It’s stiffer than wonderbread. It’s not gummy like that. It feels like a lot of the moisture in it has evaporated out. It’s not dry but it’s airy and not gummy, which makes it feel drier. However you can eat a lot of this bread without any butter on it or anything. So it’s no dry.

> Is the crumb chewy?  How hard would you have to tug to pull off

a chunk of bread? 

Very easy to break off a piece by hand.

 

 

This was simply one of the best breads I’ve ever eaten. I’m certainly moving in the right direction, but I’m also certainly not there yet.

 

Batch 13 had a good texture but was not substantially larger than 12. I weigh my bread after baking it to see how much water it looses. Does anyone else do that? All in all with the starter, it probably had about 565g flour and 400g of water  (70%) to start and ended up with 190g of water. So it produced a lot of steam and was not water logged or gummy inside. It just needed to puff up more. Batch 12 was more water logged inside.  I don’t have as tight a count on the numbers, but it lost less of it’s water.
malkuth9623373's picture
malkuth9623373

We baked a pan de mi in a baking pan....it went in at 750 grams and came

out at 646 grams...a loss of only 104 grams.....or 13.8 percent of starting weight.

 

I can't really tell by your numbers because I don't know the starting weight of

your dough......but I think around 20% weight loss would be fairly normal

for the kind of bread you are making.

 

Can you give the final weight of your bread and its dimensions (length, width, height?)

That way I can calculate its density for comparison.  Typical densities

for soft, white bread are  .17 to .28 grams per cubic centimeter (wonder bread

comes in at about .21g/cm3).  If you wanted to

be more accurate you could submerge the loaf in a bucket of water

and measure the amount of water displaced.

 

To be really accurate you would need to take into account the

moisture content of the bread by baking a piece at low temperature

until it stopped loosing weight.  But for a rough comparison that is not

necessary.

 

Since everyone at the Fresh Loaf seems to be using the DLX,

I have ordered one.  ehanner reached full gluten development

in 7 minutes.....much faster than my bosch....so it will be

interesting to compare the same dough mixed on different

mixers.  I will try and post photos of my trials.

 

by the way, does the model loaf have really big holes like

the very first picture in your post or are the holes smaller

like in loaf #13?

malkuth9623373's picture
malkuth9623373

Sorry.....I here's the complete post:

 

 

 

I also occasionally weigh my bread before and after baking.

I still have some notes from Artisan I; for example:

 

my baguettes would go in at 350grams and come out consistently at 280-283grams.

That's a loss of 70 grams....or 20 percent of starting weight.

 

We baked a pan de mi in a baking pan....it went in at 750 grams and came

out at 646 grams...a loss of only 104 grams.....or 13.8 percent of starting weight.

 

I can't really tell by your numbers because I don't know the starting weight of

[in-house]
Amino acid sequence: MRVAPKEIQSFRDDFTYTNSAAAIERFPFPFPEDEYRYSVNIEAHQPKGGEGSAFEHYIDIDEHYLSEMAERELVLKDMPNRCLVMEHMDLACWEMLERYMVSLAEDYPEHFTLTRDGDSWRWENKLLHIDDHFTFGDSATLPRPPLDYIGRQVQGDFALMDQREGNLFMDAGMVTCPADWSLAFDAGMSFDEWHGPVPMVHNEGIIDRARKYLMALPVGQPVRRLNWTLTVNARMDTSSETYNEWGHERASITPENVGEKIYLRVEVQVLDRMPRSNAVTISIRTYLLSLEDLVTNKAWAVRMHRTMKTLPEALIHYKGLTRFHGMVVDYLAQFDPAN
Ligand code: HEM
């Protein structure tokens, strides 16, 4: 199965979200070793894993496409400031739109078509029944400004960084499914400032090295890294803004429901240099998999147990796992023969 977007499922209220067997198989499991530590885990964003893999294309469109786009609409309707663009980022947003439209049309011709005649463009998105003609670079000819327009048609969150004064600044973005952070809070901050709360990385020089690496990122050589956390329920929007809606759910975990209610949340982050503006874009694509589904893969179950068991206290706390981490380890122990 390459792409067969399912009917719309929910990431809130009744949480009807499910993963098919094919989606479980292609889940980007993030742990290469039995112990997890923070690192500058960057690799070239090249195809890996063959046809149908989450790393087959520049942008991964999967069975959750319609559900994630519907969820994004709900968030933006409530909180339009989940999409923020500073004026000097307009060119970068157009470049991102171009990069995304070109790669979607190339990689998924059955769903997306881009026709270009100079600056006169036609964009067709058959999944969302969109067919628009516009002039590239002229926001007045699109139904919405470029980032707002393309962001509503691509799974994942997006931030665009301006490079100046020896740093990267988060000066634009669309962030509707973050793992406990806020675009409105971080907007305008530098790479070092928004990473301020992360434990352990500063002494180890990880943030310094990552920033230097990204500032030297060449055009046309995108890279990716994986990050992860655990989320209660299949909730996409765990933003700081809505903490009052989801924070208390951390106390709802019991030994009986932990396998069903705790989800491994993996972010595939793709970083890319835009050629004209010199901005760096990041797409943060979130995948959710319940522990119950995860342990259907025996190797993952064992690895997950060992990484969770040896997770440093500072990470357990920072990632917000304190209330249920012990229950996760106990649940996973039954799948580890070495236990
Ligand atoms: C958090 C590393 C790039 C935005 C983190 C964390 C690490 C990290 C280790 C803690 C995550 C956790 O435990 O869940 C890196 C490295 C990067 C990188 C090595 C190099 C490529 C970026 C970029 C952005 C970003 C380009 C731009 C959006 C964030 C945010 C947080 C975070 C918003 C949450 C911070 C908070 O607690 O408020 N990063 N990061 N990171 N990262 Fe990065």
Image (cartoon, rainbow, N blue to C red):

your dough......but I think around 20% weight loss would be fairly normal

for the kind of bread you are making.

 

Can you give the final weight of your bread and its dimensions (length, width, height?)

That way I can calculate its density for comparison.  Typical densities

for soft, white bread are  .17 to .28 grams per cubic centimeter (wonder bread

comes in at about .21g/cm3).  If you wanted to

be more accurate you could submerge the loaf in a bucket of water

and measure the amount of water displaced.

 

To be really accurate you would need to take into account the

moisture content of the bread by baking a piece at low temperature

until it stopped loosing weight.  But for a rough comparison that is not

necessary.

 

Since everyone at the Fresh Loaf seems to be using the DLX,

I have ordered one.  ehanner reached full gluten development

in 7 minutes.....much faster than my bosch....so it will be

interesting to compare the same dough mixed on different

mixers.  I will try and post photos of my trials.

 

by the way, does the model loaf have really big holes like

the very first picture in your post or are the holes smaller

like in loaf #13?

 

varasano's picture
varasano

I think the target had smaller holes like batch 13. It was very airy inside and the holes were not too small. I wish I remember it better. I was not thinking I was going to try and reproduce it a the time so I didn't examine it enough.

ehanner's picture
ehanner

Jeff,
I just re-read this thread with the idea of trying to understand how to help you if possible. I so respect your skills in the development of your excellent pizza that I'm sure you will find a way to reproduce the subject bread.

It would be helpful to know the name of the bread you bought in NY.

From the pictures above it looks like your stone is still on the bottom shelf. As with your pizza experiments, the ratio of heat distribution is important to the outcome. If you did move the stone, maybe there isn't enough space around the edges to allow the heat to rise easily above it. Typically you should have at least 1 inch free space around the stone.

I know you know about well developed gluten, I learned from you Jeff. You also convinced me that using sugar in pizza dough may cause your pizza to burn before it's ready. I suspect your target bread has some form of sweetener and probably a fat component since it is soft and almost black.